Mining waste recommendation from NT EPA

The Northern Territory Environment Protection Authority (NT EPA) has assessed a proposal north of Alice Springs to mine rare earth elements, with naturally occurring radioactive materials to be permanently stored onsite.

The NT EPA concluded the Arafura Resources Ltd’s Nolans Project could be managed to avoid unacceptable environmental impacts and risks.

Its key recommendations focus on ensuring best practice management of tailings, residue and waste during operation, closure and post decommissioning.

The agency noted potential contaminants and the presence of naturally occurring radioactive materials in waste streams warrant independent technical review and operational oversight to ensure the risks are minimised to the lowest extent practicable and to promote a transparent regulatory process.

The proposal is to mine rare earth elements, key components in many green and sustainable products, such as wind turbines for the clean energy industry and hybrid vehicles. The proposal includes open cut mining and processing over a 55 year mine life.

The proposal also includes groundwater abstraction from a new borefield and permanent diversion of an ephemeral creek.

The proposed site is 135 km north-northwest of Alice Springs and 10 kilometres west of Aileron roadhouse and Alyuen community.

NT EPA Chairman, Dr Paul Vogel, said the NT EPA identified potentially significant environmental impacts and risks associated with the proposal and made 16 recommendations to avoid and mitigate those impacts.

“This proposal comes with long term environmental risks that will require a high level of ongoing regulatory scrutiny across government,” Dr Vogel said.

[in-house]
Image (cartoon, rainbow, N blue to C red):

The NT EPA considers there is potential for impacts on groundwater hydrological processes and associated environmental values.

The sustainable use and management of groundwater resources is important in an arid zone where the project is located.

The NT EPA recommends further hydrological investigations including refining the groundwater model, setting site-specific groundwater level triggers and adaptive management of groundwater use.

To ensure best practice closure and rehabilitation, the NT EPA considers the project should effectively integrate mine closure planning with mine operational planning and that progressive rehabilitation is undertaken during its operations.

The NT EPA has recommended that the security bond be revised based on the updated Mine Closure Plan to ensure the costs of rehabilitation and post-closure liabilities are not borne by the Northern Territory Government and the community in the event of the operator abandoning the site or becoming insolvent.

It notes that uncertainty remains around the potential for significant environmental impacts over the life of the project.